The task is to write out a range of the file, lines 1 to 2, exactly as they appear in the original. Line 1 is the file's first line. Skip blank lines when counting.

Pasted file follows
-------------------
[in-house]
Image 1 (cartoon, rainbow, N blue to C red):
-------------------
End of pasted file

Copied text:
[in-house]
Image 1 (cartoon, rainbow, N blue to C red):